Over 90 “members of the Republican national security community” have now signed an open letter to express their united opposition to a Donald Trump presidency. The letter makes many reasonable criticisms of Trump for his “military adventurism,” “embrace of the expansive use of torture,” and “admiration for foreign dictators such as Vladimir Putin.”
But some of Trump’s critics have no standing here, given that they’ve publicly supported or even directly participated in the same kinds of things for which they are now criticizing him.
To begin with, the 2003 U.S.-led invasion of Iraq was the definition of military adventurism. Yet it was fervently applauded by many of the letter’s signatories, such as:
- Eliot Cohen, co-organizer of the letter and a top official at the State Department during the last two years of George W. Bush’s presidency. Cohen was a prominent supporter of the Project for a New American Century, a key think tank in the push for regime change in Iraq, and a member of the advisory board of the Committee for the Liberation of Iraq. Among his stated reasons that the U.S. should attack Iraq was the fantasy that “Mohamed Atta, the ringleader of the 9/11 terrorists, met with Iraqi intelligence in Prague.” (After 9/11, Cohen also called for regime change in Iran, though it was unclear whether he believed this necessitated a U.S. invasion.)
- Robert Joseph, member of Bush’s National Security Council during the run-up to the invasion of Iraq. Joseph played a key role in the inclusion in Bush’s 2003 State of the Union address of the notorious claim that “Saddam Hussein recently sought significant quantities of uranium from Africa.”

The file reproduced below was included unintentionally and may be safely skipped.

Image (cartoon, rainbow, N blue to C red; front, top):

- Philip Zelikow, member of Bush’s transition team and the President’s Foreign Intelligence Advisory Board, and later executive director of the 9/11 Commission. In the summer of 2002, Zelikow said about Iraq, “We can’t wait for these folks to deliver the weapons of mass destruction and see what they do with them before we act.”
- Niall Ferguson, prominent Harvard historian. Ferguson proudly wrote soon after the invasion of Iraq that “I am a fully paid-up member of the neoimperialist gang. Twelve years ago — when it was not at all fashionable to say so — I was already arguing that it would be ‘desirable for the United States to depose’ tyrants like Saddam Hussein.”
While the letter states, “We have disagreed with one another on many issues, including the Iraq War,” I have not been able to find evidence that any of the signatories publicly opposed the war before it began. (If you’re aware of such evidence, please send it to me.) Asked about this section of the letter, Cohen said, “Without going back through everybody’s history, I think some of the signatories were against the war, period.”
As for torture, Trump has in fact said that as president he would authorize its use by U.S. forces. During a February debate, he proclaimed: “I would bring back waterboarding, and I would bring back a hell of a lot worse than waterboarding.”
But several of the signatories have expressed support for torture as well: